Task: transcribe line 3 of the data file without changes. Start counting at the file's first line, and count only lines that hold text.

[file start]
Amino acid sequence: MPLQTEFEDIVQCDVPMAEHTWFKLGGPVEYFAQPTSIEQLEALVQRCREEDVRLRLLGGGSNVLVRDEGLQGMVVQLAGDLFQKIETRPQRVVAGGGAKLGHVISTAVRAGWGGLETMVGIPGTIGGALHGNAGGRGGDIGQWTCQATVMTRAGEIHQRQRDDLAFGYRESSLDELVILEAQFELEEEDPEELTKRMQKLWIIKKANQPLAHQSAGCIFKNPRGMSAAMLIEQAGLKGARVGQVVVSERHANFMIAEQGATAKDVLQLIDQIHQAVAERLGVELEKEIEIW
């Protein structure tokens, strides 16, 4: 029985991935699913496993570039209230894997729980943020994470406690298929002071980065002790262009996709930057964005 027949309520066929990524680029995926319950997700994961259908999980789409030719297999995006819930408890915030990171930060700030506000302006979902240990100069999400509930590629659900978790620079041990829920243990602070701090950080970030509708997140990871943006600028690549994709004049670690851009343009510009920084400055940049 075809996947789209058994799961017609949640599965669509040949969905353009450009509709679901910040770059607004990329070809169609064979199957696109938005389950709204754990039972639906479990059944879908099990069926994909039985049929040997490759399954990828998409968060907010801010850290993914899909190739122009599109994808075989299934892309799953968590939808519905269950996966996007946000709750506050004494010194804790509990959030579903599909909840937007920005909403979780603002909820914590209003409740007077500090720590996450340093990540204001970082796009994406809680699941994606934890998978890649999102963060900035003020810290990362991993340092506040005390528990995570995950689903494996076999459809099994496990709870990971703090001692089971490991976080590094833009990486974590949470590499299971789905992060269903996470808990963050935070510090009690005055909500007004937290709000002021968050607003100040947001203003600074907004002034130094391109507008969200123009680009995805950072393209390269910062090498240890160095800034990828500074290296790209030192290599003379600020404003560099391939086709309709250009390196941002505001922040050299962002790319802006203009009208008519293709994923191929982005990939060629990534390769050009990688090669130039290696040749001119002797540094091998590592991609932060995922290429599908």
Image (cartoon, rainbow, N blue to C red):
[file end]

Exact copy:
Image (cartoon, rainbow, N blue to C red):